An evolutionary roadmap to the microtubule-associated protein MAP Tau.

Sündermann F, Fernandez MP, Morgan RO - BMC Genomics (2016)

a Bayesian consensus phylogenetic tree of the MAPT/MAP2/MAP4 family. Putative homologous proteins of MAPT, MAP2 and MAP4 were retrieved from the NCBI-GenPept and UniProt databases and either completed or reconstructed ab initio by manual curation from BLAST and HMMER comparisons of genome assembly and coding transcript sequences. Full-length proteins representing the full species range for each vertebrate subfamily and a nonvertebrate outgroup were aligned (1947 aa from 102 species) and analyzed to consensus with ExaBayes on the Hanover supercomputer. Posterior probabilities and ML bootstrap percentage confidence values (in brackets) for the branching topology are shown at the nodes and branch lengths (SBL 63.9) are proportional to the amount of evolution along the horizontal scale (non-linear time). The branching topology was well supported and conformed to the known species divergence order identified by taxon symbols and descriptive labels. b Protein domain architectures (MTBD) representative of the vertebrate subfamilies were observed to contrast with various nonvertebrate homologs included in the phylogenetic analysis
© Copyright Policy - OpenAccess
Related In: Results  -  Collection

License 1 - License 2
Show All Figures
getmorefigures.php?uid=PMC4815063&req=5

Fig2: a Bayesian consensus phylogenetic tree of the MAPT/MAP2/MAP4 family. Putative homologous proteins of MAPT, MAP2 and MAP4 were retrieved from the NCBI-GenPept and UniProt databases and either completed or reconstructed ab initio by manual curation from BLAST and HMMER comparisons of genome assembly and coding transcript sequences. Full-length proteins representing the full species range for each vertebrate subfamily and a nonvertebrate outgroup were aligned (1947 aa from 102 species) and analyzed to consensus with ExaBayes on the Hanover supercomputer. Posterior probabilities and ML bootstrap percentage confidence values (in brackets) for the branching topology are shown at the nodes and branch lengths (SBL 63.9) are proportional to the amount of evolution along the horizontal scale (non-linear time). The branching topology was well supported and conformed to the known species divergence order identified by taxon symbols and descriptive labels. b Protein domain architectures (MTBD) representative of the vertebrate subfamilies were observed to contrast with various nonvertebrate homologs included in the phylogenetic analysis
Mentions: Maximum likelihood analysis by RAxML, ExaML and MEGA of an alignment with 1949 sites in 102 species established the emergence of MAP4 from a metazoan ancestor and this was confirmed by the Bayesian consensus tree from ExaBayes with congruent topology and superior confidence values (Fig. 2). Worm, mollusc, insect and urchin MAPs exhibit similar domain architectures with shorter amino termini, while the tunicate Ciona intestinalis and fungus Rhizopus delemar are distinct (Fig. 2b). MAP4 was therefore considered to originate in the earliest vertebrates (hagfish and lampreys) and subsequent duplication of a more evolved common ancestor led to the formation of MAPT and MAP2 as sister genes. With this in mind, the strong evidence for MAPT full-length orthologs in hagfish and lamprey implied that MAP2 should be present in these same species; hence it is noteworthy that the lamprey branches for “short fragments” near the base of Fig. 2a were indeed recognized as MAP2 orthologs by the most significant matches of HMMSCAN to the pHMM digital template of MAP2. Bootstrap support at most bifurcations was highly significant in Maximum Likelihood, Neighbor-Joining and Bayesian posterior probability analyses. A more comprehensive dataset consisting of 2029 positions for 292 sequences was similarly analyzed by RAxML and ExaML (Additional file 1: Figure S1) to corroborate the results in greater detail, confirming the expected order of intermediate species with consistent branch lengths and, especially, the orderly separation of MAP4, MAP2 and MAPT in early vertebrates.Fig. 2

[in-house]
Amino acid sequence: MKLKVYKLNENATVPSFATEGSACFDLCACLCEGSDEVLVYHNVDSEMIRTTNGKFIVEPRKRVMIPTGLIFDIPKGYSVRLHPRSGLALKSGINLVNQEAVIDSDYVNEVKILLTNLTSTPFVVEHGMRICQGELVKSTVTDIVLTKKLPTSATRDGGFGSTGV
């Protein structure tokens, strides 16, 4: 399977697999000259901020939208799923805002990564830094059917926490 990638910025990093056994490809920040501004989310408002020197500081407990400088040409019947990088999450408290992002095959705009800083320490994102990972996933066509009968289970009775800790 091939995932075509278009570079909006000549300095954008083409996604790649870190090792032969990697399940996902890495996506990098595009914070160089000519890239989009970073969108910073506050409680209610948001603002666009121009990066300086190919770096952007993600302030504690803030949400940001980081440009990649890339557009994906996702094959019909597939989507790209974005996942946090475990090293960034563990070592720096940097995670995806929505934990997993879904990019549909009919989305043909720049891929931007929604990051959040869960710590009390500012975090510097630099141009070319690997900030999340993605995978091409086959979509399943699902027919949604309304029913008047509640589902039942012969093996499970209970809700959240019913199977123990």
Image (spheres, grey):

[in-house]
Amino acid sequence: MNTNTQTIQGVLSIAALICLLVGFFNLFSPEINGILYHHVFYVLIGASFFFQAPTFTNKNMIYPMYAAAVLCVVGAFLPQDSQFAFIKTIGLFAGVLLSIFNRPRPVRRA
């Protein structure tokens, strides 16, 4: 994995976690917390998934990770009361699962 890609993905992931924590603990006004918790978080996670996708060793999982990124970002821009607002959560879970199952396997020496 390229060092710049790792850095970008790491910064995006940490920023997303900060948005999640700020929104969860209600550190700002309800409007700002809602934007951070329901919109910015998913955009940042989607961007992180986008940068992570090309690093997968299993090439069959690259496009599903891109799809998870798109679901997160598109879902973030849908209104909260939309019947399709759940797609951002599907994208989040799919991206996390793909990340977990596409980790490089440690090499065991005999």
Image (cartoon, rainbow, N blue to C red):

Bottom Line: The microtubule associated protein Tau (MAPT) promotes assembly and interaction of microtubules with the cytoskeleton, impinging on axonal transport and synaptic plasticity.These analyses clarified ambiguities of MAPT nomenclature, defined the order, timing and pattern of its molecular evolution and identified key residues and motifs relevant to its protein interaction properties and pathogenic role.Additional unexpected findings included the expansion of cysteine-containing, microtubule binding domains of MAPT in cold adapted Antarctic icefish and the emergence of a novel multiexonic saitohin (STH) gene from repetitive elements in MAPT intron 11 of certain primate genomes.

View Article: PubMed Central - PubMed

Affiliation: Department of Neurobiology, University of Osnabrück, Osnabrück, Germany.

ABSTRACT

Background: The microtubule associated protein Tau (MAPT) promotes assembly and interaction of microtubules with the cytoskeleton, impinging on axonal transport and synaptic plasticity. Its neuronal expression and intrinsic disorder implicate it in some 30 tauopathies such as Alzheimer's disease and frontotemporal dementia. These pathophysiological studies have yet to be complemented by computational analyses of its molecular evolution and structural models of all its functional domains to explain the molecular basis for its conservation profile, its site-specific interactions and the propensity to conformational disorder and aggregate formation.

Results: We systematically annotated public sequence data to reconstruct unspliced MAPT, MAP2 and MAP4 transcripts spanning all represented genomes. Bayesian and maximum likelihood phylogenetic analyses, genetic linkage maps and domain architectures distinguished a nonvertebrate outgroup from the emergence of MAP4 and its subsequent ancestral duplication to MAP2 and MAPT. These events were coupled to other linked genes such as KANSL1L and KANSL and may thus be consequent to large-scale chromosomal duplications originating in the extant vertebrate genomes of hagfish and lamprey. Profile hidden Markov models (pHMMs), clustered subalignments and 3D structural predictions defined potential interaction motifs and specificity determining sites to reveal distinct signatures between the four homologous microtubule binding domains and independent divergence of the amino terminus.

Conclusion: These analyses clarified ambiguities of MAPT nomenclature, defined the order, timing and pattern of its molecular evolution and identified key residues and motifs relevant to its protein interaction properties and pathogenic role. Additional unexpected findings included the expansion of cysteine-containing, microtubule binding domains of MAPT in cold adapted Antarctic icefish and the emergence of a novel multiexonic saitohin (STH) gene from repetitive elements in MAPT intron 11 of certain primate genomes.

No MeSH data available.


Related in: MedlinePlus